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March 2007 Vol. 33, No. 3   RSS Feed for Undercurrent Issues
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Multiple Flights after Diving

from the March, 2007 issue of Undercurrent   Subscribe Now

You’ve just finished a great dive trip in the Solomon Islands and now you’re preparing for the four back-toback flights needed to reach home. Think twice before you get on board — the recommended 24-hour waiting period after your last dive may not be enough.

“The problem of flying after diving goes way back, but the issue of repetitive flying has not been talked about much at all,” says Frederick S. Cramer, M.D., director of the San Francisco Institute for Hyperbaric Medicine. He presented a study about the effects of repetitive post-dive flights at the Undersea Hyberbaric Medical Society conference last summer.

Ascending to altitude means a decrease in pressure, causing the nitrogen that built up in a diver’s blood and plasma underwater to come out of those solutions and start bubbling. After touching down at sea level, the bubbles will get smaller but they won’t go down to predive levels right away because there is still surface tension between the bubbles’ exterior and the surrounding liquid. Multiple flights in one day after no-decompression dives means the bubbles will keep growing, Cramer says. “Say a bubble measures one-eighth of an inch before you fly. You go up to 10,000 feet and it grows to one-half inch. You come back down to the surface, but it only goes back down to one-quarter inch, so it’s not back to normal for a while. If you’re flying repetitively in a short timespan—and you keep going to higher altitudes— those bubbles will keep getting bigger.”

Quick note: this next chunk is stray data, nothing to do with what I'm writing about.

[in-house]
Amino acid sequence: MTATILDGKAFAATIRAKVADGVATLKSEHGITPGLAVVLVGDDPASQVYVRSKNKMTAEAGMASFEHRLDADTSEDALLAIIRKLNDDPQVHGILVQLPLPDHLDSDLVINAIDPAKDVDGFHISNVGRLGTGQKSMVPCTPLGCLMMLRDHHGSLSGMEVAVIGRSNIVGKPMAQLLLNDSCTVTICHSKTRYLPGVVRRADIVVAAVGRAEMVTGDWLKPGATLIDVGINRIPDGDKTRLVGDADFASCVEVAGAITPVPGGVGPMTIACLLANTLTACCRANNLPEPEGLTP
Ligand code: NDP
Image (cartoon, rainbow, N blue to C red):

At the conference, Cramer presented a case study of a 37-year-old female diver from Couer d’Alene, Idaho. After 10 dives in the Caymans over six days with a 30- hour delay before flying, she began a four-leg trip back home. She flew in an unpressurized inter-island plane that rose to 5,000 feet and landed in Grand Cayman, situated at sea level. The second plane rose to 35,000 feet, maintaining cabin pressure at 8,000 feet, and landed at Miami, again at sea level. The third plane also flew to the same levels as the second but landed at Minneapolis, 1,000 feet above sea level.

That’s when she noticed “skin bends,” or nitrogen bubbles crawling like worms under the skin of her abdominal area. “That’s an early warning sign that the nitrogen bubbles are starting to come out of solution,” says Cramer. But the woman, herself a physician, chose to ignore the signs and boarded her fourth flight to Spokane, at an elevation of 2,400 above sea level. She arrived with a dull pain in her right shoulder, another major warning sign she again chose to ignore, so she could drive home to sleep.

Four hours later, at 2 a.m., she woke up with stronger shoulder pain, shortness of breath, chest pain and acute anxiety. She went to her local ER, and the attending physician, also a scuba diver, realized she was suffering from serious decompression sickness and got her into an hyperbaric chamber. After 285 minutes of treatment, the woman exited with all DCI symptoms gone. “But if she had canceled her flight to Spokane, stayed overnight at a airport hotel and had some aspirin and rest, this wouldn’t have happened,” says Cramer. “Early diagnosis is treatable but if ignored it can be fatal.”

Even though you may have waited 24 hours after your last dive, frequently going up and down in airplanes is dangerous because of the continuous bubble growth in your bloodstream. Going to a progressively higher altitude is worse. If you experience skin bends or headaches, stay off the plane. Consider breaking up your trips by staying overnight halfway through, and keep a constant watch for symptoms.

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